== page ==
The SRT Barracuda is the sports/muscle car of the group, smaller and more track oriented than its Dodge Challenger sibling. The GT trim level makes 490 HP via a 6.0L HEMI V8 and an optional AAR performance package. A GTS trim level uses a Twin-Turbo 6.2L HEMI V8 making 680 HP. The range-topping GTX trim uses a “Hot V” set-up to make 727 HP. Optional 6-speed manual transmission for all trim levels.

Injecting Some Energy

The SRT Circuit is the entry-level 2+2 sports car of the lineup. Mid-engine, the car would be dealing with everything from the low end of the sports car spectrum (ex: Mazda Miata, Toyota 86) to the Middle (ex: Toyota Supra, Nissan 370Z NISMO) to the top of the spectrum (ex: BMW M2 Competition, Lotus Evora 400). Trim levels start with the Circuit S, packing a 210 HP 2.0L I4. Above that is the Circuit GT, making 260 HP from a Turbocharged 2.0L I4. The Circuit GTE slots above that as an all-electric, 300 HP sports car, with a 2-speed transmission. It’s also the first car to receive hand-me-downs from the Tomahawk X Hypercar. The Circuit GTS introduces a 3.0L Twin-turbo V6 to the mix, making 380 HP. The range-topping GTX trim makes 410 HP from a 5.0L HEMI V8. All trim levels except for the GTE come with an optional manual transmission.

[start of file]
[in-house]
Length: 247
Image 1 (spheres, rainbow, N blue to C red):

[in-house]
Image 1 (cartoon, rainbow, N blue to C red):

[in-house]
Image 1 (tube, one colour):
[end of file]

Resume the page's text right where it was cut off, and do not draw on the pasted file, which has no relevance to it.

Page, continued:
The SRT Neon fills the fast sedan & Hot-Hatch categories with a flash in the pan of insanity. Available with a Turbocharged 2.0L I4, the GT trim makes 380 HP. A Turbocharged 2.0L I4 making 424 HP available on the GTS trim levels rounds out the trim levels. This would also make the Neon the most powerful hot-hatch ever. A 6-speed manual or an 8-speed automatic is the available transmissions. A limited-run, Neon coupe also becomes a thing, staying in the lineup for two years and becoming an instant collector's item.